Our perceptions and beliefs regarding relationships are often shaped by romanticized ideas and rather misguided notions that have been perpetuated throughout the ages by popular culture and social media, or even handed down as pearls of wisdom. These beliefs not only guide our behaviors and attitudes but also serve as a measure for how successful we think our relationship is. However, when it comes to real people in real-life scenarios, these idealized fantasies often fall short. They create unrealistic expectations of what healthy relationships should look like or how people in love should act and feel. And when reality doesn’t measure up to fantasy, it inevitably leads to disappointment, resentment or even a sense of failure.
Here are a few common relationship myths that may actually be hurting your relationship instead of improving it:
- “It will be easy with the right person.” No relationship is ever easy, no matter how long you’ve been together or how well you think you know each other. Even couples with seemingly picture-perfect lives experience their fair share of challenges. When two people with individual personalities, life experiences, fears, dreams, and aspirations decide to intimately share their lives together, it is unrealistic to expect that everything will magically fall into place smoothly. Relationships that truly stand the test of time are built not only on love but also on mutual trust, respect, compromise and a lasting commitment to learn and grow with your partner through all the challenges that the universe throws your way at each stage of your lives. It requires hard work, patience, kindness, a willingness to understand your partner’s perspective and the determination to aim for the middle ground that caters to both your goals. It may take years for couples to hit their stride, even in marriages which happen after many years of being together. That being said, if you find yourself consistently being the only one trying too hard to make it work, that may be a red flag signaling an unhealthy relationship.
- “My partner should know what I want/how I feel.” It is a common sentiment to expect that your partner will naturally understand and fulfill your wants and needs. This is especially true when people get into the habit of making comparisons to couples around them where partners appear to meet each other’s needs seamlessly. No matter how long you’ve been together, it is always important to clearly communicate your thoughts and emotions to your partner instead of assuming or expecting them to know them naturally. This will help them understand you better and will lessen the disappointment and frustration that invariably stem from unmet needs. Also, bear in mind that needs and expectations evolve over time through different phases in each person’s lives so the best way for both partners to remain attuned to each other is to communicate openly with the intention to understand the other person’s feelings and desires.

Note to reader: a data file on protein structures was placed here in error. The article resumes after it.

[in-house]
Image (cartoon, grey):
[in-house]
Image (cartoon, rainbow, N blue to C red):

- “Never go to bed angry.” The intent behind this sentiment may have been to ensure that disagreements are discussed and resolved timely and not left to linger and disrupt the peace. While it would be ideal to have everything nicely squared away by the time you hit the bed, it may not always be the most realistic approach for everyone. If you find yourself in an argument with your partner at the end of a long day, neither of you may be in the best headspace to constructively work through your issues to reach an understanding or solution. In fact, things may even escalate in the heat of the moment when emotions and exhaustion run unchecked. So, in times like this, if your partner needs to sleep or some time to calm down and reflect, it may be helpful to respect their choice. It is important to recognize that it may be their way of processing or self-soothing and that the intention is not to dismiss or trivialize your concerns. On the flip side, if you are the partner who needs time to cool off or rest, it is important provide reassurance that you are not making an excuse to ignore the situation at hand but that you intend to address it at the earliest opportunity (and remember to follow through on that intention). Revisiting the issue when both of you are better rested and have had the chance to let things settle can provide a fresh perspective and allow you to discuss things more rationally and not just react emotionally.
- “Things will get better when …” It is natural for relationships to have ups and downs – when going through a rough patch, a common approach is to think that things will improve once a couple has more money or gets married or has a baby and so on. While these examples can be beautiful milestones in a couple’s lives, it may not always be a magical fix if both partners are not on the same page regarding their current predicament. Chances are, if things are challenging in the present time, going through inherently stressful major life changes will only amplify present anxieties and insecurities and add more tension to an already strained relationship. Relying on a future event (which may or may not materialize) only ends up distracting from the present issues at hand that should be examined and addressed. It is therefore important to actively seek to understand the true cause of the disconnect in the relationship and find ways to work together to achieve realistic outcomes that meet both partner’s needs. Ultimately this will bring couples closer together and help make future life transitions much smoother.
While this is by no means an exhaustive list, the common theme is to recognize that each partner and each relationship will pose their own set of challenges and adventures which evolve over time. There is no such thing as a perfect fit or a perfect couple – rather, a more realistic goal would be to strive to balance both partners’ needs, expectations, and ambitions in life in order to sustain a healthy long-term relationship.